Solar Radiation Testing

What is Solar Radiation testing?

It is a test method for testing a product or material by exposing it to simulated solar radiation in order to understand the effect of solar radiation on it. This is because while many equipment are tested for salt spray and dust, the effect of UV and Solar radiation over a period of time has more damaging effect on equipment intended for outdoor installation.

ITC is accredited by NABL, TEC & BIS.

MIL STD 810 G – Test Method 505.5 – Solar Radiation Covers:

To determine the heating effects of direct solar radiation on material.

To help identify the actinic (photo degradation) effects of direct solar radiation.


Use this method to evaluate materiel likely to be exposed to solar radiation during its life cycle in the open in hot climates, and when heating or actinic effects are of concern. This method is valuable in evaluating the effects of direct exposure to sunlight (solar spectrum and energy levels at sea level). Procedure I is useful in determining the temperature increase (over ambient) of materiel caused by solar loading. Although not intended for such, Procedure II may be used to simulate the ultraviolet effect of solar radiation at different locations and altitudes by using various radiation sources that allow reasonable comparison to measurements of these natural solar radiation conditions.

In addition to using Procedure I to evaluate the effects of direct sunlight (actinic effects as well as directional heating for exposed materiel), use Procedure I for determining the heating effects (response temperature) for materiel enclosed within an outer container.

Use Procedure II of this method when the spectrum of the lamp bank has been measured and conforms to the spectrum identified in Table 505.5-I. Deviations from this table may be justified if the test requirements are based on the tailoring process, or if a specific frequency band is of concern. Detail and justify any deviation.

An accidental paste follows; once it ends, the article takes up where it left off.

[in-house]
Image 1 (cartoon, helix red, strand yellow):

If the installed environment for an item is within an enclosure, then to properly address the heating effects, the enclosure must be provided to characterize the environment. Once the enclosed environment has been characterized, further testing could be done using Method 501.

This method is not intended to be used for space applications due to the possible change in irradiance.


Procedure I – Cycling

Step 1. Adjust the chamber air temperature to the minimum value of the temperature cycle at which radiation is non existent.

Step 2. Expose the test item to continuous 24-hour cycles of controlled simulated solar radiation and dry-bulb temperature as indicated on Figure 505.5-1 or as identified in the requirements document, measuring and recording test item temperatures throughout the exposure period. For convenience, and if the test facility is unable to perform the continuous curve of Figure 505.5-1, to approximate the curve increase and decrease the solar radiation intensity in a minimum of eight levels (see Annex C, Figures 505.5C-5 and C-6 for the stepped levels) for each side of the cycle, provided the total energy of the cycle as well as the spectral power distribution (above 1000 w/m2 – see Table 505.5-I and Annex B, paragraph 1.4) is maintained. Perform the longer of the following number of cycles, and record the results: